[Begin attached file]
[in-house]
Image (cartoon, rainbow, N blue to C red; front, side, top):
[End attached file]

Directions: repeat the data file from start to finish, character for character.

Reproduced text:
[in-house]
Image (cartoon, rainbow, N blue to C red; front, side, top):